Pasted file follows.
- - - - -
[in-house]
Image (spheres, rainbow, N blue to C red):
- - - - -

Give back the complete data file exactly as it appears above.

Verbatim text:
[in-house]
Image (spheres, rainbow, N blue to C red):